Date of Award


Degree Type


Degree Name

Doctor of Philosophy (PhD)




Tod Rutherford

Second Advisor

Mark Rupert


Agarian Questions, Brooklyn, Food Politics, Urban Agriculture

Subject Categories



Driven by social and environmental criticism of the conventional agro-food system, food is now highly politicized. In this context, urban agriculture enjoys renewed interest as a primary space to engage the politics of food. In this dissertation, I explore urban agriculture as a window into food politics. Using the contemporary period of urban agriculture expansion in Brooklyn, New York as a case study, I investigate the ways in which urban agriculture is working to challenge the problems produced by conventional agro-food, and the engendered contradictions that arise in the tensions between the goals of urban agriculture and its practice in Brooklyn. Accordingly, I ask a set of three inter-related questions: (1) how have urban agriculture efforts in New York City changed historically; (2) why do New Yorkers engage in urban food production; and (3) what are the outcomes of the efforts to cultivate Brooklyn? To address these questions I conducted an extensive mixed-methods analysis grounded in a theoretical framework drawing on the agrarian question, food geographies, and analyses of neoliberalization. I argue that Brooklyn's urban agriculture is limited by its neoliberal characteristics - that is, an adherence to neoliberalism's emphasis on market mechanisms as central to human well-being - and is thus undermined in helping to build a radical political movement around food issues. Although current trends indicate that urban agriculture works to (re)produce neoliberalism, it simultaneously produces political possibilities embodied by the assertion of public rights to cultivate the city and in the potential of food to serve as a tool for building solidarities en route to food justice.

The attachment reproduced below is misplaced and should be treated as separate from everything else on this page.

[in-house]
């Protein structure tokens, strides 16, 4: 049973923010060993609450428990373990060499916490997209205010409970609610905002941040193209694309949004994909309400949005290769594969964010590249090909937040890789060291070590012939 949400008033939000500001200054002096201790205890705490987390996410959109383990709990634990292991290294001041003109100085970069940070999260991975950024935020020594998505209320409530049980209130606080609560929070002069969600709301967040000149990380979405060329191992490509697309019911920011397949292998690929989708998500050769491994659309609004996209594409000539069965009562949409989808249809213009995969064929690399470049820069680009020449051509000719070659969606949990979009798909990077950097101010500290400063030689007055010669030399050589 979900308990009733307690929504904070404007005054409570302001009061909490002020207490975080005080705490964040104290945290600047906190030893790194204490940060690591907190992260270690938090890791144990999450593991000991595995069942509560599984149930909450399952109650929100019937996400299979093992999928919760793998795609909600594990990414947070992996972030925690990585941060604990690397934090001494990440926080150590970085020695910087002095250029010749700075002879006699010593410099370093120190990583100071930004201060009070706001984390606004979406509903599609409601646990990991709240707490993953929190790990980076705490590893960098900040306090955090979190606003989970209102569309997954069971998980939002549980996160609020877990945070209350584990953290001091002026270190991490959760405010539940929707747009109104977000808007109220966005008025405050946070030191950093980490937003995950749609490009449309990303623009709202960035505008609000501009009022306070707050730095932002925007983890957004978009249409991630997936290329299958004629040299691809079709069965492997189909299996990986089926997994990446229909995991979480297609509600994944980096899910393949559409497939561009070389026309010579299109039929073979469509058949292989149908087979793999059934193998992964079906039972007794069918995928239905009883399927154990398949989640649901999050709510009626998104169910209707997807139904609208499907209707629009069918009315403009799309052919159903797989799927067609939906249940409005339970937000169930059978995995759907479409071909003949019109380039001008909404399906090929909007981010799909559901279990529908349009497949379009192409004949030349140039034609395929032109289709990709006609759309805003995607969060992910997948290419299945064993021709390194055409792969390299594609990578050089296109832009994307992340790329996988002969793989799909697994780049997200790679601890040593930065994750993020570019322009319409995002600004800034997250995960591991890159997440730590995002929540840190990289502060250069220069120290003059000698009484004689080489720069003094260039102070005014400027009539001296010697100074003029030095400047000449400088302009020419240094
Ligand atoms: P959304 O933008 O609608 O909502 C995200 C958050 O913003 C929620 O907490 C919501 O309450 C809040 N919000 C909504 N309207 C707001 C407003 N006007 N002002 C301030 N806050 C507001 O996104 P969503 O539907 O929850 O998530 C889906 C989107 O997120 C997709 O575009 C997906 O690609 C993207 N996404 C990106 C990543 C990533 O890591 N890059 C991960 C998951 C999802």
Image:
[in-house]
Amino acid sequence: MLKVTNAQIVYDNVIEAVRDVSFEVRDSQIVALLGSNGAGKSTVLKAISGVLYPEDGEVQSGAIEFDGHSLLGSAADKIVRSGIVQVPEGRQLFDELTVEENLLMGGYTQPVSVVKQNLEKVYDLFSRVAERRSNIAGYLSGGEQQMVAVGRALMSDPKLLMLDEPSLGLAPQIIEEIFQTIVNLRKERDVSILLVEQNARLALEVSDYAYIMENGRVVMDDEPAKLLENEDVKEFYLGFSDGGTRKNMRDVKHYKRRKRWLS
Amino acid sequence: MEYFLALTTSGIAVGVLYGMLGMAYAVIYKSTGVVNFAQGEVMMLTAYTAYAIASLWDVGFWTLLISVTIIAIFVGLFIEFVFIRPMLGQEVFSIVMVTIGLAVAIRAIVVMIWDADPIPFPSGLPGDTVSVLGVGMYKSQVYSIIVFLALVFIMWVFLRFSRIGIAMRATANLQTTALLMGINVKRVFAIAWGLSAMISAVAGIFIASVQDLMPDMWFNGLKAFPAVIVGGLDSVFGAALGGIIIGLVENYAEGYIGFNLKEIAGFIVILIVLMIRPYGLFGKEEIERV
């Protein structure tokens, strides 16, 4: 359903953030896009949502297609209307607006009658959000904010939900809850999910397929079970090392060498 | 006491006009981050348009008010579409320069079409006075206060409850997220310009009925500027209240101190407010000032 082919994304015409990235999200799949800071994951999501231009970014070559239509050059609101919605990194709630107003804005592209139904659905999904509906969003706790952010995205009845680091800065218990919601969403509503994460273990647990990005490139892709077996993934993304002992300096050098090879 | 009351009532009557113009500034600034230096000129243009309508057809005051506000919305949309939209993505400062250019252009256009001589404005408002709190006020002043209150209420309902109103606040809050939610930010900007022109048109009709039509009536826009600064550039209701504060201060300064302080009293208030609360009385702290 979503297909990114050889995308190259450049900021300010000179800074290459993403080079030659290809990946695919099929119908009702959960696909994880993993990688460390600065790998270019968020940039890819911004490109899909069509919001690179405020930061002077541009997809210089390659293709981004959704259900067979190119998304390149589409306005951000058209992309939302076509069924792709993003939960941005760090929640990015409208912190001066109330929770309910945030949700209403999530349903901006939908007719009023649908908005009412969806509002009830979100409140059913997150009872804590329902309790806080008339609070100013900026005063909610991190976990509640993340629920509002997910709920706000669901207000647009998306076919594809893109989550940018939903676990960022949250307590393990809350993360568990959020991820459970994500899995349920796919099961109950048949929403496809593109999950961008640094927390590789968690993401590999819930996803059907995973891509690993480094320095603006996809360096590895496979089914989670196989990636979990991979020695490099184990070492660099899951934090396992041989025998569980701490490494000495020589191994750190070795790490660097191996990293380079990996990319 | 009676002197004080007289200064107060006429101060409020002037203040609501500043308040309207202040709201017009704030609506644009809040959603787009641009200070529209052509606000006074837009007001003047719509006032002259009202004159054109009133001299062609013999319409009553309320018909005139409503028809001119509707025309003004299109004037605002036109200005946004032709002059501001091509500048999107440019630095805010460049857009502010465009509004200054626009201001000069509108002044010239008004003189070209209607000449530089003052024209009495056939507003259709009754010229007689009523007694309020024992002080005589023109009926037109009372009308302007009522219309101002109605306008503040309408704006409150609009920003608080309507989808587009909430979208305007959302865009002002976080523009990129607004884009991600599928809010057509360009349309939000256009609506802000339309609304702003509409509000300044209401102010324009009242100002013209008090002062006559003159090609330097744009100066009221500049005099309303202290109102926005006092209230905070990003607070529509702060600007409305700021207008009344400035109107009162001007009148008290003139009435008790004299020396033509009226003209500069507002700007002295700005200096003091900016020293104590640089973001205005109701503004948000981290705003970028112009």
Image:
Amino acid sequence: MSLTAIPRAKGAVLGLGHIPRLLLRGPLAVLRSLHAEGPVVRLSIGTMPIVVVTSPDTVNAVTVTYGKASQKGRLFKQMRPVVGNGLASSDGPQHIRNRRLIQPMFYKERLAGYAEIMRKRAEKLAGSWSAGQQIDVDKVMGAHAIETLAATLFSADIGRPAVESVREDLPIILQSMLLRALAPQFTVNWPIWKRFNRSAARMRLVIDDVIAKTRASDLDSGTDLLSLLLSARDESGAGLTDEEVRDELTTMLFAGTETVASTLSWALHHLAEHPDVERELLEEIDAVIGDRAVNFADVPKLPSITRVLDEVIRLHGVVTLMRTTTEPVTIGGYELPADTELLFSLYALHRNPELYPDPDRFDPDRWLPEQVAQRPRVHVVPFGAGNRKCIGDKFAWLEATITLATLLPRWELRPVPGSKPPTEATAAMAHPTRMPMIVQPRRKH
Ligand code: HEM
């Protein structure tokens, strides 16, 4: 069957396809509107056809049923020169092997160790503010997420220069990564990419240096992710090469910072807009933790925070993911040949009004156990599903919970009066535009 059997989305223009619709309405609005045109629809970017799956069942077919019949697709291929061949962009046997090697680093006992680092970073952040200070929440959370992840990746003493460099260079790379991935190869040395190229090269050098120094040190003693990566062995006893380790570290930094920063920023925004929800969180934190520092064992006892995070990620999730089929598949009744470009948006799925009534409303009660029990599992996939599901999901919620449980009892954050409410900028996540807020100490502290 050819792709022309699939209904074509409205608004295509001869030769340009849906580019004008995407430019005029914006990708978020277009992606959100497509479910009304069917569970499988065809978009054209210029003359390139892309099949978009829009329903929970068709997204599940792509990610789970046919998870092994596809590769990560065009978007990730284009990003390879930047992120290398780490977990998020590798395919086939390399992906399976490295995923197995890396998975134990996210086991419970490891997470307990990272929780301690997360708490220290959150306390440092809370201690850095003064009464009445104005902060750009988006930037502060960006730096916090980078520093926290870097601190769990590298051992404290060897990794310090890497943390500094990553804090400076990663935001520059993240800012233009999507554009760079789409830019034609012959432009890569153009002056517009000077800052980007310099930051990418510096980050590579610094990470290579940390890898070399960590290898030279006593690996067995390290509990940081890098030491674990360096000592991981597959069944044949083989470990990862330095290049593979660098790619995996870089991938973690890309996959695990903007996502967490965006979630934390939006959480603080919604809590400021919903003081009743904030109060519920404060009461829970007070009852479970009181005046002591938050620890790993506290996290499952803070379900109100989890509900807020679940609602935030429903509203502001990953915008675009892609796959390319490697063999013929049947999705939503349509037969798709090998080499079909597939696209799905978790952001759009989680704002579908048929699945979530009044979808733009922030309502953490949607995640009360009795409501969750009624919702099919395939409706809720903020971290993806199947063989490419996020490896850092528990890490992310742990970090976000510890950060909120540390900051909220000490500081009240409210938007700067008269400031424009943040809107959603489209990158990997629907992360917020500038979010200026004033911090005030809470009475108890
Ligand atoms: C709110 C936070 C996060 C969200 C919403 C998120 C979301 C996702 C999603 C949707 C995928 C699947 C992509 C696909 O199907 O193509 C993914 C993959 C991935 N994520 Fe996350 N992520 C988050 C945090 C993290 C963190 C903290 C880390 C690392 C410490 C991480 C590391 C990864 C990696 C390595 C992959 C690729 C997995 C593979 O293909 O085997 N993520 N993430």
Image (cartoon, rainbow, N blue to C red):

Open Access

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Geography Commons